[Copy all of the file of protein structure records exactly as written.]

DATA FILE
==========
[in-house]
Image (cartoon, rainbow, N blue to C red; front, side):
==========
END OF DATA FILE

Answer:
[in-house]
Image (cartoon, rainbow, N blue to C red; front, side):